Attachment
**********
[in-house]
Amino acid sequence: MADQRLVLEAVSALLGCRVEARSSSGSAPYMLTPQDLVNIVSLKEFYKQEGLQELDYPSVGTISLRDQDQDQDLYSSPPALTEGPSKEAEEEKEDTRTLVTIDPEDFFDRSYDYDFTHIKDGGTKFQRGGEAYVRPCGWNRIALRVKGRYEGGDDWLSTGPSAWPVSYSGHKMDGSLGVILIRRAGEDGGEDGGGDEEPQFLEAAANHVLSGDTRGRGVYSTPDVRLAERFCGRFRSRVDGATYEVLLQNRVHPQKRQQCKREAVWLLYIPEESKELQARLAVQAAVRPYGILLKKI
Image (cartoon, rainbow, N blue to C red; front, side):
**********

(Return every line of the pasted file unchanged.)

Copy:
[in-house]
Amino acid sequence: MADQRLVLEAVSALLGCRVEARSSSGSAPYMLTPQDLVNIVSLKEFYKQEGLQELDYPSVGTISLRDQDQDQDLYSSPPALTEGPSKEAEEEKEDTRTLVTIDPEDFFDRSYDYDFTHIKDGGTKFQRGGEAYVRPCGWNRIALRVKGRYEGGDDWLSTGPSAWPVSYSGHKMDGSLGVILIRRAGEDGGEDGGGDEEPQFLEAAANHVLSGDTRGRGVYSTPDVRLAERFCGRFRSRVDGATYEVLLQNRVHPQKRQQCKREAVWLLYIPEESKELQARLAVQAAVRPYGILLKKI
Image (cartoon, rainbow, N blue to C red; front, side):